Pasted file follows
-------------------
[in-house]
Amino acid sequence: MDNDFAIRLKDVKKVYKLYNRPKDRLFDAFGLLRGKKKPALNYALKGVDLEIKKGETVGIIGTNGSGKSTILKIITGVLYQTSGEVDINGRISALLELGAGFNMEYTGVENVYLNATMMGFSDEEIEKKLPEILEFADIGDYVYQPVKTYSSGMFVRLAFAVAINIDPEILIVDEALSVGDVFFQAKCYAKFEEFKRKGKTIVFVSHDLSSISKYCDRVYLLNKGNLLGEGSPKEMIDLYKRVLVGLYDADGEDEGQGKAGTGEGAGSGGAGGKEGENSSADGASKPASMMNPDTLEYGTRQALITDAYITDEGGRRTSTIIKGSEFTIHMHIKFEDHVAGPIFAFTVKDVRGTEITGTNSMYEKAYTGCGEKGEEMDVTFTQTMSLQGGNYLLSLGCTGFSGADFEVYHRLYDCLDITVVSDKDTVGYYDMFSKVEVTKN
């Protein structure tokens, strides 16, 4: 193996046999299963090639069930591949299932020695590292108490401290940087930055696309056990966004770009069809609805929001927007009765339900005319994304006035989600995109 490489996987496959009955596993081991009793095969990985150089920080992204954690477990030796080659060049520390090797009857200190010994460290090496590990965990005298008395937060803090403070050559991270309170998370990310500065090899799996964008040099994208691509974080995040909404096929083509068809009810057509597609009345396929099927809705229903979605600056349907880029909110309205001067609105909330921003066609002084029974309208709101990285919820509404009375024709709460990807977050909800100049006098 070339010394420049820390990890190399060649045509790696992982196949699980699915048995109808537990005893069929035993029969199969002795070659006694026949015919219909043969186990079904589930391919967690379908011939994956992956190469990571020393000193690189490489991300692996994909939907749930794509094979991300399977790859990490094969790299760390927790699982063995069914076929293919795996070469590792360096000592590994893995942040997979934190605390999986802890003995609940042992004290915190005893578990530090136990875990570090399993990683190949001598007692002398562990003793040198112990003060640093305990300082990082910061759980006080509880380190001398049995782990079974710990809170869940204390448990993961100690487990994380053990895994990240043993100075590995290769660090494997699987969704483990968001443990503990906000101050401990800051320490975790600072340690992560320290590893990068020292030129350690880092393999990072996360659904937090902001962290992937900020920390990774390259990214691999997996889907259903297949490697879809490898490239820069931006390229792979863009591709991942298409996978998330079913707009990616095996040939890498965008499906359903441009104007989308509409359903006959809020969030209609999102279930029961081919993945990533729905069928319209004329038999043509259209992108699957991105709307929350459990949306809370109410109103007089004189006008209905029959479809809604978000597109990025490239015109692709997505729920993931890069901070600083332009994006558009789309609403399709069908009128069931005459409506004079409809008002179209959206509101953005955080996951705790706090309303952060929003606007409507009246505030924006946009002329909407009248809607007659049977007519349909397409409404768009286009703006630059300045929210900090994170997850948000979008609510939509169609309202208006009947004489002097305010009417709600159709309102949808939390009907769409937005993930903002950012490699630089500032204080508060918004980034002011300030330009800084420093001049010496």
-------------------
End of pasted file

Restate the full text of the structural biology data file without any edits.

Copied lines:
[in-house]
Amino acid sequence: MDNDFAIRLKDVKKVYKLYNRPKDRLFDAFGLLRGKKKPALNYALKGVDLEIKKGETVGIIGTNGSGKSTILKIITGVLYQTSGEVDINGRISALLELGAGFNMEYTGVENVYLNATMMGFSDEEIEKKLPEILEFADIGDYVYQPVKTYSSGMFVRLAFAVAINIDPEILIVDEALSVGDVFFQAKCYAKFEEFKRKGKTIVFVSHDLSSISKYCDRVYLLNKGNLLGEGSPKEMIDLYKRVLVGLYDADGEDEGQGKAGTGEGAGSGGAGGKEGENSSADGASKPASMMNPDTLEYGTRQALITDAYITDEGGRRTSTIIKGSEFTIHMHIKFEDHVAGPIFAFTVKDVRGTEITGTNSMYEKAYTGCGEKGEEMDVTFTQTMSLQGGNYLLSLGCTGFSGADFEVYHRLYDCLDITVVSDKDTVGYYDMFSKVEVTKN
């Protein structure tokens, strides 16, 4: 193996046999299963090639069930591949299932020695590292108490401290940087930055696309056990966004770009069809609805929001927007009765339900005319994304006035989600995109 490489996987496959009955596993081991009793095969990985150089920080992204954690477990030796080659060049520390090797009857200190010994460290090496590990965990005298008395937060803090403070050559991270309170998370990310500065090899799996964008040099994208691509974080995040909404096929083509068809009810057509597609009345396929099927809705229903979605600056349907880029909110309205001067609105909330921003066609002084029974309208709101990285919820509404009375024709709460990807977050909800100049006098 070339010394420049820390990890190399060649045509790696992982196949699980699915048995109808537990005893069929035993029969199969002795070659006694026949015919219909043969186990079904589930391919967690379908011939994956992956190469990571020393000193690189490489991300692996994909939907749930794509094979991300399977790859990490094969790299760390927790699982063995069914076929293919795996070469590792360096000592590994893995942040997979934190605390999986802890003995609940042992004290915190005893578990530090136990875990570090399993990683190949001598007692002398562990003793040198112990003060640093305990300082990082910061759980006080509880380190001398049995782990079974710990809170869940204390448990993961100690487990994380053990895994990240043993100075590995290769660090494997699987969704483990968001443990503990906000101050401990800051320490975790600072340690992560320290590893990068020292030129350690880092393999990072996360659904937090902001962290992937900020920390990774390259990214691999997996889907259903297949490697879809490898490239820069931006390229792979863009591709991942298409996978998330079913707009990616095996040939890498965008499906359903441009104007989308509409359903006959809020969030209609999102279930029961081919993945990533729905069928319209004329038999043509259209992108699957991105709307929350459990949306809370109410109103007089004189006008209905029959479809809604978000597109990025490239015109692709997505729920993931890069901070600083332009994006558009789309609403399709069908009128069931005459409506004079409809008002179209959206509101953005955080996951705790706090309303952060929003606007409507009246505030924006946009002329909407009248809607007659049977007519349909397409409404768009286009703006630059300045929210900090994170997850948000979008609510939509169609309202208006009947004489002097305010009417709600159709309102949808939390009907769409937005993930903002950012490699630089500032204080508060918004980034002011300030330009800084420093001049010496």